“Ryan has loved cars for as long as I can remember, he’s collected hundreds of toy cars, like Hot Wheels, over the years. His knowledge of different cars is extensive; he can catch the smallest glimpse of a car and know exactly what make and model it is. Of course, he’s an avid player of car based computer games. 

“Ryan’s other true love is pug dogs! I don’t know when this began, just one day he announced pugs were his favourite. Sadly, we don’t have a real one, but he has a bedroom jam-packed with cuddly ones! He’s yet to meet a real one - something else I’ll have to work on. Even though he has interests at home, it can be quite isolating for him, because where there are so many of us, we struggle to get out as a family, so it’s great that he has the group at Naomi House to look forward to.

“Jenny is the Support Worker in the family support team and is brilliant.  She has done play therapy with Ryan, as he has struggled with his anger and frustration because of his body changing and not being able to walk anymore. She has got such a calming presence and the boys feel relaxed around her. It really does help. Ryan is a lot better at managing his anger now. 

Ryan 5

“The support from Naomi House isn’t just for the affected child, it’s for the whole family, and Luca and Thea have both been to the siblings’ groups. They’ve been to Christmas parties, which they absolutely love and Luca has been to the siblings’ camping trip. We have struggled to get out as a family and struggled to get away on holiday, so it’s something nice for them to look forward to. They make friends within the group when they are there and the staff are so good, they get everyone to join in so no one feels feel left out.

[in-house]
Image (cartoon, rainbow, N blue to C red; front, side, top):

Ryan told us:

“I like Naomi House because it’s fun. I liked it when we went swimming. Jenny helped me lots with my stress stuff and I like going bowling at Christmas”. 

In these times of lockdown due to the Coronavirus pandemic, it has been very challenging for the families who use our services. We asked Abbi how the family have managed: 

“Ryan’s condition affects his heart, his lungs and his bones and he is monitored frequently with visits to see the consultants. But with the lockdown and the family having to be shielded, we can’t see anyone, so his appointments are telephone or video calls. His mobility is dependent on him seeing his physio regularly and if he can’t do that, it could affect his ability to do things like going to the bathroom and transferring to his bed. He is also not able to have his twice weekly sessions in the hydrotherapy pool at school. At the moment he is fine, but I don’t know what the impact will be in the long term. He has a yearly echocardiogram and ECG, but he can’t even have those, and we are unsure when things will start easing back in. 

“I try not to dwell on it too much because getting myself upset, stressed and worried, is going to make it worse, so it’s just a case of getting my head down and getting on with it. There’s no alternative. What chance do they have if you give up?!

“Naomi House has been here for us during this pandemic and they are so supportive and wonderful. Even though the hospice is temporarily closed for planned respite and Ryan can’t meet up with his Duchenne group face to face, he was so excited when they arranged a Zoom meeting for the boys to meet virtually. He really enjoyed it and is looking forward to the next one!”